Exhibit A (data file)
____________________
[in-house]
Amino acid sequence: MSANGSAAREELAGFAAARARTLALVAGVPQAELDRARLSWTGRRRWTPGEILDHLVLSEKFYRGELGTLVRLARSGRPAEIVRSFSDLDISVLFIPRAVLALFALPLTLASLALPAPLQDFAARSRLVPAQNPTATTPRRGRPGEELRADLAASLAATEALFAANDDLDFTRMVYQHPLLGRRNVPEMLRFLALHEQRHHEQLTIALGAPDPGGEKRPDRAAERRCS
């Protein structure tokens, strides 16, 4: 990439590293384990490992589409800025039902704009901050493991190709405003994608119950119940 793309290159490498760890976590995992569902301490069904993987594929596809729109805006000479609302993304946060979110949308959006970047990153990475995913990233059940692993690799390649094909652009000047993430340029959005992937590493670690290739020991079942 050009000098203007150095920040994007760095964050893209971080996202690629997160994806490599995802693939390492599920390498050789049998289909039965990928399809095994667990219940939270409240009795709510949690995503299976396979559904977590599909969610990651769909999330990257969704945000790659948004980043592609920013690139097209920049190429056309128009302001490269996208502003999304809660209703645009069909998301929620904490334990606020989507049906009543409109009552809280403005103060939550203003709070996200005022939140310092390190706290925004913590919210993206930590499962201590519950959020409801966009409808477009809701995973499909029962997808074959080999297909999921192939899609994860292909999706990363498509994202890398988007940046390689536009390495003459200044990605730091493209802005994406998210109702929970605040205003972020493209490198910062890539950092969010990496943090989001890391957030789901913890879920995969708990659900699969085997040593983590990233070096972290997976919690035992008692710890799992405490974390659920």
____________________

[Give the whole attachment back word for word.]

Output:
[in-house]
Amino acid sequence: MSANGSAAREELAGFAAARARTLALVAGVPQAELDRARLSWTGRRRWTPGEILDHLVLSEKFYRGELGTLVRLARSGRPAEIVRSFSDLDISVLFIPRAVLALFALPLTLASLALPAPLQDFAARSRLVPAQNPTATTPRRGRPGEELRADLAASLAATEALFAANDDLDFTRMVYQHPLLGRRNVPEMLRFLALHEQRHHEQLTIALGAPDPGGEKRPDRAAERRCS
């Protein structure tokens, strides 16, 4: 990439590293384990490992589409800025039902704009901050493991190709405003994608119950119940 793309290159490498760890976590995992569902301490069904993987594929596809729109805006000479609302993304946060979110949308959006970047990153990475995913990233059940692993690799390649094909652009000047993430340029959005992937590493670690290739020991079942 050009000098203007150095920040994007760095964050893209971080996202690629997160994806490599995802693939390492599920390498050789049998289909039965990928399809095994667990219940939270409240009795709510949690995503299976396979559904977590599909969610990651769909999330990257969704945000790659948004980043592609920013690139097209920049190429056309128009302001490269996208502003999304809660209703645009069909998301929620904490334990606020989507049906009543409109009552809280403005103060939550203003709070996200005022939140310092390190706290925004913590919210993206930590499962201590519950959020409801966009409808477009809701995973499909029962997808074959080999297909999921192939899609994860292909999706990363498509994202890398988007940046390689536009390495003459200044990605730091493209802005994406998210109702929970605040205003972020493209490198910062890539950092969010990496943090989001890391957030789901913890879920995969708990659900699969085997040593983590990233070096972290997976919690035992008692710890799992405490974390659920």